Let’s can licensure and certification programs and let teachers be the professionals that they’ve trained to be

Why does lesson planning have to be so complicated?

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Don’t get me wrong. I love teaching. But when it comes to planning for teaching, I’m kind of a grouch. I tend to spend a good chunk of my weekends preparing for the weeks and months ahead. I definitely feel more prepared afterwards, but I wish I could find an easier way to do it.

When I was in high school, I had an awesome math teacher. Although I admittedly didn’t put much effort into her class, she was always nice and was very good at explaining things to us. One of the cool things she had us do (which I realize now was just a form of tiered instruction or scaffolding) was, after she had explained the concept to us, have us teach the concept to someone else in the class. She didn’t tell us to make sure we engaged all levels of Bloom’s or to differentiate based on our partner’s learning style. She didn’t ask us to explain how we would assess that our partner had mastered it. We knew what teaching looked like and most of us were able to do a pretty good job of explaining the concept to someone else.

All we did was watch something modeled and then model it ourselves. This is what good teachers do and its really very simple.

Again, don’t get me wrong. All that stuff we learn in college about procedures, DI, Gardner’s, Bloom’s, intervention, and assessment is really important. I’m just saying that it would make my job (and my life) a little less stressful if I could make my lesson plans a simple list of tasks with some justification thrown in.

After all, its hard to follow your lesson plans when this class gets behind or that class gets ahead. Half the time, I can’t use the awesome activating strategies or anticipatory sets I come up with because my class didn’t finish what they needed to the previous day. And when a principal comes to observe me, I always have to explain where we are in the lesson plan because invariably what we actually do in class doesn’t exactly match up.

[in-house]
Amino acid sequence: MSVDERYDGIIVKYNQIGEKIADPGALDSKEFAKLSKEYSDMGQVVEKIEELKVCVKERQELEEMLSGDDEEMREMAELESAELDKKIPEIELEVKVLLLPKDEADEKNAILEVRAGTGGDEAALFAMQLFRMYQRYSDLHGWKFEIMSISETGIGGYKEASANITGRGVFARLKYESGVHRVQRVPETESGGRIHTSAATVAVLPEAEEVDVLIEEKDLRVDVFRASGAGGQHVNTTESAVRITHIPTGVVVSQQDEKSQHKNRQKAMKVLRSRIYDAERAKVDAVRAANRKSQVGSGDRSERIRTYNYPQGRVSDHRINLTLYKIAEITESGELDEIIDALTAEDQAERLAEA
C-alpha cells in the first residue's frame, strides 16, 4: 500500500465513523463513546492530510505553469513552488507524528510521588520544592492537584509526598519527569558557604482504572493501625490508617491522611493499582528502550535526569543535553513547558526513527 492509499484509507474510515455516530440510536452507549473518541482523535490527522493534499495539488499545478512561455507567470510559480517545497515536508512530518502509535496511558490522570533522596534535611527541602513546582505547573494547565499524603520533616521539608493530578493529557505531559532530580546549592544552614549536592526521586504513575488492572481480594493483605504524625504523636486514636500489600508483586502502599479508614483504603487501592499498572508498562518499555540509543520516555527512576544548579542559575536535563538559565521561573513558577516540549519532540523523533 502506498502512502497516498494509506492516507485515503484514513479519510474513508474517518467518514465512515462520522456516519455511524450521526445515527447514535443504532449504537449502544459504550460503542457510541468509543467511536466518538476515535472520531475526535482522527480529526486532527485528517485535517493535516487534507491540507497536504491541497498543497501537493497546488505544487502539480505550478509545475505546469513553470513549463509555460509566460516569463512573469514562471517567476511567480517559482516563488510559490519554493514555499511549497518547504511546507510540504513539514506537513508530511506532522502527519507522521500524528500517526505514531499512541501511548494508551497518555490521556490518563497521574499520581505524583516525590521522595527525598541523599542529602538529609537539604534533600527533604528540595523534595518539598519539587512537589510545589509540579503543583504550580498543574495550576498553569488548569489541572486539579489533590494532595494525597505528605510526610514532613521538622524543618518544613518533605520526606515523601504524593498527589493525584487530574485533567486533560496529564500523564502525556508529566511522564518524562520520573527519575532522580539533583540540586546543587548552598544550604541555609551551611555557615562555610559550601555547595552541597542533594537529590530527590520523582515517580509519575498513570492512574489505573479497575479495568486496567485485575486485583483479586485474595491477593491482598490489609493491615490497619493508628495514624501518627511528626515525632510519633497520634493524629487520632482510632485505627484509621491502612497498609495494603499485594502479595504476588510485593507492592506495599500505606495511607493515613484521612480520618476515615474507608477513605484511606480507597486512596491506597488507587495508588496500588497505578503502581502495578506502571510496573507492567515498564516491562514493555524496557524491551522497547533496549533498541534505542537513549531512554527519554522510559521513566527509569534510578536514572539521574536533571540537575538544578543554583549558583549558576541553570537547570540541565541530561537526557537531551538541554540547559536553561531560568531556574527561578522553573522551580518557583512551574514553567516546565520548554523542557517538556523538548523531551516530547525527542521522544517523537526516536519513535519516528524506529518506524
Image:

I also understand that we need to be held accountable to what we’re doing in our classroom and that’s why our lesson plans have to be so particular. I just wish it could be a little more simple and straightforward.

What ways have you found to simplify your lesson planning? Do you have any survival tactics when it comes to this process?

First post!

Notebooks, Eraser and PencilThank you for reading the very first post on TeacherPains!

Let’s get one thing straight: This is not a site for complaining. TeacherPains is a place for solutions. If you’ve spent any time teaching in a public school, you’ve noticed how much of a mess America’s education system is in. Again, if you’ve ever worked in a public school, you’ve also noticed that most folks tend to complain about their problems and not do anything about it. TeacherPains is a place for the people who actually do the work of teaching (not politicians, bureaucrats, or administrators) to provide solutions to the issues holding our kids back. Lets make this a movement. Let’s move and act to make education something that helps our students really succeed.

As a new teacher in an urban school district, I can provide some unique insight into the muck that is the American education system. This site will serve as an anonymous outlet that will help me share my thoughts on teaching and education. It is also a place for others to express their ideas on what we can do to brighten our students’ futures.

A little bit about myself:

I am a first-year teacher somewhere in America.

I am a person with a degree and experience in education.

I am a professional.

I am a person who believes that education is about the students.

Please feel free to comment with ideas or questions! I’m excited about the future we can make together.